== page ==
Tribute Shows Drive Success of Husson’s Gracie Theater

By Adam LaFleur – The Spectator

April 18, 2019

BANGOR, Maine – Husson University’s Gracie Theater hosts several major performances each year. Well-known tribute bands, holiday shows, and country singers are often part of the Gracie’s bill. The theater’s 2018-19 show season recently wrapped up with a performance by Black Violin on April 4th. Gracie Theater Managing Director Jeri Misler is busy putting together the lineup for shows in the fall of 2019 and the winter of 2020. Decisions on what acts to pursue for future Gracie shows depend on the success of past performances.

“When I look at a potential act to bring to the Gracie, I consider what has worked well for us before,” Misler said. “We tend to do well with tribute shows where a band will play iconic hits from the past. When people come to a show expecting to hear particular songs they like, it helps sell tickets leading up to the performance.”

The Gracie Theater at Husson University

The most recent tribute show hosted by the Gracie was Rumours: The Ultimate Fleetwood Mac Tribute on Friday March 22 and Saturday March 23. Well-known Fleetwood Mac hits like “Dreams’’ and “Landslide” helped drum up interest for the show in greater Bangor. Tickets for the first Rumours show sold out in December before the March concert.

“We did very little advertising for the Fleetwood Mac tribute show, but demand for tickets was so high that I added a second [Friday] show the night before the original performance date,” Misler said. “Over 400 tickets sold in advance. The popularity of Fleetwood Mac made this show a real success for the Gracie.”

Other tribute shows help keep the Gracie on the map of the central Maine arts and culture scene. A Michael Jackson tribute concert sold out at the Gracie in the theater’s 2017-18 season. Two Carpenters Christmas shows also brought sizeable crowds into the theater last December. As with the Rumours show, the Carpenters Christmas concerts generated enough ticket demand for Misler to schedule the tribute duo on back-to-back nights. Holiday performances are typically an easy-sell.

“People get into the Christmas mood and they want to come out and hear music in the spirit of the season,” Misler said. “Holiday shows are easy to promote because people know what to expect from performances with a Christmas theme.”

Misler has also had success booking older musicians who had well-known careers in decades past. American soul group The 5th Dimension brought its diverse lineup of R&B, jazz, pop, and light opera to the Gracie stage last year. This five-member group is known for a string of mainstream hits from the late 1960s and early 1970s including “Never My Love”, “Up, Up and Away”, “Wedding Bell Blues”, and “(Last Night) I Didn’t Get to Sleep at All”. Along with Rumours and The Fifth Dimension, Misler lists sunshine pop band The Association as the most notable acts she has scheduled and overseen at the Gracie. The Association is a 6-person group best known for its 1967 Billboard #1 hit “Windy”.

Booking acts to perform in Bangor requires considerable travel. The Spectator spoke to Misler on the phone for this story because she was out of town on business Monday. She attends an annual conference in New York City where she gets a glimpse of potential shows that might be fitting for the Gracie.

“Mostly I’ll go [to New York] and meet with agents to find out who’s going to be on tour and who’s willing to come to Bangor, Maine,” Misler said. “Not everybody has the ability to come up to Maine, even if they would be a great fit for our theater.”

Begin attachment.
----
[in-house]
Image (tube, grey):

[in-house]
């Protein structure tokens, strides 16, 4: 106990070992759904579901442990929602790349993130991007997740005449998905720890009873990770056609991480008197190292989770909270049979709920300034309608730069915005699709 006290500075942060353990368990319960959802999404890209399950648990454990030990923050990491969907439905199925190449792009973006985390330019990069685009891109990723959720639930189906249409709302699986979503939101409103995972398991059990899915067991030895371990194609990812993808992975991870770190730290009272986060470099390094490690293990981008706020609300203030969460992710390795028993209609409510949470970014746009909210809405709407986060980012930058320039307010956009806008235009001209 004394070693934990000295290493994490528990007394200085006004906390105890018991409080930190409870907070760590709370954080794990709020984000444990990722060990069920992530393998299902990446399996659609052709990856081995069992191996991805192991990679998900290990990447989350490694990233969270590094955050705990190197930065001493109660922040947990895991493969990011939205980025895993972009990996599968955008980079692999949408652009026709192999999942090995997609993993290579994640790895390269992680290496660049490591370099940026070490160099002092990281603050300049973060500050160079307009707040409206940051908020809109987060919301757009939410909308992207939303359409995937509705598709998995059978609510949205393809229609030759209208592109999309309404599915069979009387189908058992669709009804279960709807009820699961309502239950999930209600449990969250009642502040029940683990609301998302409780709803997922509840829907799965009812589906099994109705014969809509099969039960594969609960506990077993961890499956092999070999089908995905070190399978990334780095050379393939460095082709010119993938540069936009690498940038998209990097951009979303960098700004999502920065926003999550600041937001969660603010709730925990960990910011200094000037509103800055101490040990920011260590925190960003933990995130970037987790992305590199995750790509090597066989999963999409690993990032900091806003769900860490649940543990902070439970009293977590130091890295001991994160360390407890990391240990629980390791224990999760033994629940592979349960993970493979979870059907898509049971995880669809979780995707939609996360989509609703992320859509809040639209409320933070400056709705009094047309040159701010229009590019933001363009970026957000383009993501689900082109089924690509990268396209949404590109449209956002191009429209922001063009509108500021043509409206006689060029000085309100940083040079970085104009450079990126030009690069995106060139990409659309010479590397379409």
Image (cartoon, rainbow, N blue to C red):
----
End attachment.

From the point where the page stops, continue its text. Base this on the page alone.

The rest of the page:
Misler gets the chance to meet some performers in-person at the conference in New York. She looks for interesting, original acts that she will be able to promote in the Bangor region. Another channel for finding potential performers is through an email list from the Arts Presenters Association. Misler is a member of this group which promotes artists going on-tour. Musicians and other acts reach out to her through the Arts Presenters Association and inquire about bringing their show to the Gracie.

Inside the Gracie at a recent award ceremony for Husson Pharmacy Students

It can be a challenge to promote shows with lesser name recognition. This was the case with Black Violin, who performed at the Gracie earlier this month.

“I had to offer a two-for-one ticket purchase deal for Black Violin in order to sell enough tickets to have the show,” Misler said. “They are an amazing string duo with state-of-the-art effects in their show, but many people do not know who they are so it was difficult to generate interest for the concert.”

NESCom Entertainment Production students serve as the house staff for all of the Gracie’s major performances. Students gain expertise in lighting, sound, special effects, and back of house management (the behind the scenes work of putting on a theater show) when they help Husson’s theater operate.

“We could not have any of our well-known acts without help from NESCom students,” Misler said. “We rely on student’s contributions to put on all of the Gracie’s productions. Without them, we would not have the budget to host concerts and other shows.”  

Misler gave The Spectator a sneak preview of the Gracie’s 2019-20 show season. Women of the World, an all-female group featuring international music will appear at the Gracie on October 13, 2019. A band made up of five men who played on the original tracks of numerous classic rock hit records, The Hit Men, will take the Gracie stage on October 19. Rounding out the Gracie’s fall 2019 schedule is a group of female country singers known as Farewell Angelina set to perform on November 9. Exact dates and ticket information for the complete 2019-20 Gracie Theater season will be released in July.

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